Few things offend Hillary Clinton, it seems, more than government transparency.
Clinton disregarded federal law requiring her to preserve her records as secretary of state, a recent report from the State Department's Inspector General confirms. Hillary also apparently admitted, in one email to her confidante Huma Abedin, that the reason she had set up her own email server was to avoid "access" by federal officials in charge of preserving official records as required by law.
"Secretary Clinton should have preserved any Federal records she created and received on her personal account," the IG's report states, "by printing and filing those records with the related files in the Office of the Secretary. At a minimum, Secretary Clinton should have surrendered all emails dealing with Department business before leaving government service."
She didn't do either of these things, as you probably guessed.
Here's a quick refresher of what Hillary did instead:
Instead of using government-issued email, which is standard for official communications, she set up her own email account, housed in her own server in her personal home in New York. Using a private email account for official business on occasion was neither unprecedented nor prohibited. But Hillary used it exclusively, and kept it secret from the relevant federal authorities.
When she left government, Clinton didn't immediately hand over all official records, and authorities were still unaware of her secret personal server, according to the IG report.
The National Archives and Records Administration only learned she had her own email server when the story surfaced in the media two years after she left, according to the IG report.
After officials learned of the email account in 2014, Clinton finally handed over more than 30,000 emails to State Department officials. But she never handed over all of her emails from her time as secretary: She and her personal attorneys and advisers decided which emails to pass along and which were none of the government's business. She has since deleted many of those not handed over.
One email exchange that the IG found reveals Clinton's attitude towards public records.
Abedin in late 2010 told Clinton that her emails were landing in the junkmail folder of some of her underlings, because she was emailing from an unknown address. "We should talk about putting you on state email or releasing your email address to the department so you are not going to spam."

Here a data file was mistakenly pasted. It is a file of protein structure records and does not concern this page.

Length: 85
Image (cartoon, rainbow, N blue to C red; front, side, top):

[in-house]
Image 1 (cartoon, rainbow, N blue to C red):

Clinton wrote back: "Let's get separate address or device but I don't want any risk of the personal being accessible."
Read it closely: "I don't want any risk of the personal being accessible." Clinton wasn't saying she's worried about emails of personal nature leaking out. She was worried about "access" to her "personal" email accounts — the ClintonEmail.com addresses. She didn't want the federal officials who were supposed to have access to her work emails, in order to comply with transparency and freedom-of-information laws, to necessarily have access to all of her work emails.
Much of the media attention on Clinton's emails, and some of the FBI investigation, involve how Clinton handled classified information. Did she put sensitive information in a place where hackers could easily get it?
But the classified information discussion may be a distraction from a more important issue: Clinton's inappropriate secrecy, keeping her emails outside the reach of federal officials and outside the reach of public-records laws. In America the government's business is the people's business — but Hillary Clinton wanted the American people out of her business.
There are two obvious inferences: Either Clinton is hiding something, or she's just paranoid.
We know the Clintons are at least a little bit paranoid. Recall first lady Clinton positing that the rumors of a Bill Clinton affair were really a Vast Right Wing Conspiracy.
Recall how after the suicide of White House counsel and longtime confidante Vince Foster in 1993, the Clintons deployed their underlings to comb through his belongings and records. Current Health and Human Services Secretary Sylvia Burwell actually dug through Foster's trash.
Whatever was there, the Clintons wanted to make sure they got to see it before the authorities did.
Just because she's paranoid doesn't mean she's not also hiding something.
What would a Secretary Clinton have to hide? It's not hard to guess. We know that her State Department work overlapped with the Clinton Foundation's donors and the foreign entities paying her husband six-figure speaking fees. Is there something in those deleted emails she doesn't want us to see?
We know that Clinton's aides boasted of her leading role in the illegal, ill-considered, and ill-fated regime-change operation in Libya. We know she was triumphantly touting U.S. victory in there. We also know the war was a disastrous mistake that has helped the Islamic State and other terrorist groups. What Libya emails did Clinton keep from us?
Transparency is essential to a functional democracy. Congress and various arms of the executive branch have created rules to bring about that transparency. Hillary Clinton broke those rules, in keeping with her career of antipathy for transparency.
This antipathy to a core value is disqualifying in a presidential candidate. It's also a trait she shares with presumptive Republican nominee Donald Trump, who has refused to release his tax returns, as presidential candidates traditionally do, and for good reasons.
Democracy needs sunshine in order to flourish. America is in for four years of darkness.
Timothy P. Carney, the Washington Examiner's senior political columnist, can be contacted at email@example.com. His column appears Tuesday and Thursday nights on washingtonexaminer.com.